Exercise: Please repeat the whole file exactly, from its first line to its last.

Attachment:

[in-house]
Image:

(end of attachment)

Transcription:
[in-house]
Image: